They reminded people that there was an election in the first place. They established for everyone what the candidates valued, what their campaigns were about, what their arguments were: the parameters of the debate. And they provided a basis for a common conversation about the political decision we faced–something you could talk about in the line at the supermarket. p 156 My reaction: Voters statistically cannot express what the candidates believe.

The aim of modern political marketing, consumer trends expert J. Walker Smith tells Bill Bishop in The Big Sort, is to “drive consumer loyalty–and in marketing terms, drive the average transaction size or improve the likelihood that a registered Republican will get out and vote Republican. That’s a business philosophy applied to politics that I think it really dangerous, because it’s not trying to form a consensus, to get people to think about the greater good.” p 157 My reaction: Someone has never worked on a campaign nor have they done any historical work in the subject. It is called Jacksonian Democracy.

For both David Bohm and Jurgen Habermas, dialogue was special because it provided a way for a group of people to democratically create their culture and to calibrate their ideas in the world. p 163 My reaction: These kinds of perfect models of democratic communication are naive in the worst sense, as they assume that everyone wants to partake in creating a democratic culture.

Whenever you learn a programming language it is the same, learn how to write the phrase hello world. On this Pariser notes: “A god’s greeting to his invention–or perhaps an invention’s greeting to its god.” p 166

Nearly all geek cultures are structured as an empire of clever wherein ingenuity, not charisma, is king. p 170

Technodeterminism is alluring and convenient for newly powerful entrepreneurs because it absolves them of responsibility for what they do. p 179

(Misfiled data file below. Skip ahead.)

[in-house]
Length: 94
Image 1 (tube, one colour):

Zuckerberg responded to The Facebook Effect: “Where do you wanna start? I mean, I don’t know. It’s interesting what stuff they focused on getting right. Like every single fleece and shirt I had in that movie is actually a shirt or fleece that I own. You know, so there’s all this stuff that they got wrong, and a bunch of random details that they got right. The thing that I think is actually most thematically interesting that they got wrong is — the whole framing of the movie, kind of the way that it starts is, I’m with this girl who doesn’t exist in real life, who dumps me, which has happened to me in real life, a lot — and basically to frame it as if the whole reason for making Facebook and building something was because I wanted to get girls or wanted to get into some sort of social institution. And the reality for people who know me is that I’ve actually been dating the same girl since before I started Facebook, so obviously that’s not a part of it. But I think it’s such a big disconnect from the way people who make movies think about what we do in Silicon Valley — building stuff. They just can’t wrap their head around the idea that someone might build something because they like building things.” mentioned on p 180; (full quote)

On pages 182-183, Pariser recounts Thiel’s idosyncratic views on the world.

MeetUp.com came as a result of 9/11 when its founder began to talk to people on the streets and found a copy of Putnam’s Bowling Alone. Interestingly, Heiferman was just about booed off the stage when he suggested  to a huge MeetUp of programmers that they should get involved in the problems that matter–education, health care, and the environment. p 187

Supercomputer inventor Danny Hillis once said that the greatest achievement of human technology is tools that allows us to create more than we understand. p 203 My reaction: This is the constant tension between theory and engineering.

Things of interesting to read/research:

  • The Social Graph Symposium? (link)
  • Processing the News by Doris Graber
  • The Act of Creation by Koestler
  • Firms that look to deanonymize the web: Peek You, Phorm, BlueCava